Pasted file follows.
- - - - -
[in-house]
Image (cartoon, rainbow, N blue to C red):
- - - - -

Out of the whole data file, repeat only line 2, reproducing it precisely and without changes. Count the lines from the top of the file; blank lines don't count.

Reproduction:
Image (cartoon, rainbow, N blue to C red):